I say all that simply to post this video. This is a lousy video but the sound is decent. It takes me back to 1974 or thereabouts when I saw Charlie Rich in person. I was dating a most beautiful woman whose favorite singer at the time was Charlie Rich. Her name was Belle. Seriously.

I wonder whatever happened to her. May knows of her / about her. No jealousy. More than a passing fancy. If I had my life to live over, I would have .....

The Most Beautiful Girl, Charlie Rich

I suppose I should be posting videos of the Eagles. But I'm not. But I am listening to "Hotel California" in the background at the moment, so that should count for something.

A Note For The Granddaughters  

I had a most wonderful dinner tonight: a New York strip steak from Omaha Steaks. From wiki:
The strip steak, also called New York strip steak, is a cut of beef steaks from the short loin. It consists of a muscle that does little work, making the meat particularly tender, though not as tender as the nearby rib eye or tenderloin. Fat content of the strip is somewhere between the two cuts. Unlike the tenderloin, the short loin is a sizable muscle, allowing it to be cut into larger portions.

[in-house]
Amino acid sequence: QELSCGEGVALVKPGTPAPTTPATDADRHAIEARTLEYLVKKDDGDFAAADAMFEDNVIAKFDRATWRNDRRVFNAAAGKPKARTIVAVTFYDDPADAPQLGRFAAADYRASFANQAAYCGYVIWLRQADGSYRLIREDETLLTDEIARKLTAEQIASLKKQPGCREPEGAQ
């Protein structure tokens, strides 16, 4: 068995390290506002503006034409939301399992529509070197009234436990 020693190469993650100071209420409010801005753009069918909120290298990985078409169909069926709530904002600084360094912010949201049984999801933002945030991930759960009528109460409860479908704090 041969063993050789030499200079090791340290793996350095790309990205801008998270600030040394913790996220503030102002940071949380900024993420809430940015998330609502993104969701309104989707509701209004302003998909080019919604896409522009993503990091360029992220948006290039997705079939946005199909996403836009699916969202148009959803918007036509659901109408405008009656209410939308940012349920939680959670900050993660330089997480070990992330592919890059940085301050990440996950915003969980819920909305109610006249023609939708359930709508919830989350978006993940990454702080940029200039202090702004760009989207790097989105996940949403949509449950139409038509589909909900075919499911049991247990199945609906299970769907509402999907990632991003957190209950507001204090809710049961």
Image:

Before grilling the steak, I cut off all the fat I can reach. I lose a fair amount of steak, I suppose, but that's fine. 

I honestly do not recall if I've had a New York strip steak before. My usual choices from Omaha Steaks have been filet mignon / tenderloin or hamburger, but not strip steak. New York strip steak sounds so ... well, so ... Donald Trump. I assume that the Donald's steak is "New York" strip steak. Whatever.

Along with the steak I also had an Omaha Steak baked potato; three minutes in the microwave oven. May did not join me; we had big lunches and she felt that another big meal was too much. But her steak is defrosted in the refrigerator and ready any time she changes her mind. I marinaded my steak; May says she would like to have her steak non-marinaded. So, we will see. I can't imagine steak that is not marinaded. Now that I understand the ins and outs of marinade, I don't use recipes: simply pour a bit of this and bit of that into a zip-lock bag with a bit of pepper and voilà. Oil, vinegar, coffee, at a minimum.